A Prose Poem by Mackenzie Arnold
“Beloved,” he spoke, with eyes that looked to me and then to the black bible open in his hands so that he could taste the word of God in his mouth again. “I urge you as sojourners and exiles to abstain from the passions of the flesh, which wage war against your soul. First Peter. Chapter Two. Verse Eleven.” He had to part his jaw like a gasp, teeth grazing bottom lip, tongue rolling to form the words, “passions of the flesh.” I thought they sounded so romantic until it was my flesh that he wanted.
Afterwards I burned my own bible, and I stayed to watch the ashes stir until I realized that they must have done the same at the end of all the witch trials. The fire was already out, but tears fell from my eyes anyways and so I cried in bitter irony. I imagined they were holy water—the tears—and as they ran down my cheeks I parted my lips so that they could wash his hypocrisy from my tongue.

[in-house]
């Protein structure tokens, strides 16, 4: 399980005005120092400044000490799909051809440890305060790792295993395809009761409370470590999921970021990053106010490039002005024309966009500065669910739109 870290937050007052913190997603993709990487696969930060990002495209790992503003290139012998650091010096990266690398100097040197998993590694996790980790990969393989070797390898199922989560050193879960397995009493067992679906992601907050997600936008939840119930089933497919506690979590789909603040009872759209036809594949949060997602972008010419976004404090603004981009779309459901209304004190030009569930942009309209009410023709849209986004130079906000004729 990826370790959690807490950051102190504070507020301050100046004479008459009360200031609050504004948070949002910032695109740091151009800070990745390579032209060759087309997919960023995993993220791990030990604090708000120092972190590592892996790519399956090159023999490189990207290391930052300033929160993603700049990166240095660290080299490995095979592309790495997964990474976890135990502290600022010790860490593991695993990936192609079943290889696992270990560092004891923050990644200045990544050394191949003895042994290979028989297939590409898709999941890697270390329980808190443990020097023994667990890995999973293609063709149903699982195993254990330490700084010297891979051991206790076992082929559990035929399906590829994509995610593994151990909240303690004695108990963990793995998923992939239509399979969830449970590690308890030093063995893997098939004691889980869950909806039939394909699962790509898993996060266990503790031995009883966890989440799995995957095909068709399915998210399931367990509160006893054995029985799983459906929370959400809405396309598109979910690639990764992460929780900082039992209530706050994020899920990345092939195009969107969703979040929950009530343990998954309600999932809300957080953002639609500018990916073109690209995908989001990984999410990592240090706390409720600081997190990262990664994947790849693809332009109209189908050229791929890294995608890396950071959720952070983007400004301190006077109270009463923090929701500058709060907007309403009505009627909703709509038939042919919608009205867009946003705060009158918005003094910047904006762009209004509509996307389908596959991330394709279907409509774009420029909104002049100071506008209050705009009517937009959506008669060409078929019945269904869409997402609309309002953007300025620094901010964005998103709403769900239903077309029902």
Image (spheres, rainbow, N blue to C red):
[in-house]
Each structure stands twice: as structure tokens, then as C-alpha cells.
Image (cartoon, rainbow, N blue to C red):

I realized too late that it was not God I wanted to burn, but the one who liked the taste of God’s words in his mouth—if only to trick himself into thinking that he was Divine.
I never thought much about religion as a child. Despite growing up just outside of Dallas, Texas, where mega-churches and celebrity pastors reign supreme, I remained largely untouched by the dogma of these institutions because my family simply didn’t go to church. When I began high school at a private Christian academy though, I was suddenly plunged into a very suffocating environment that made it very apparent that my existence as a girl, and any form of feminine sexuality, was wrong.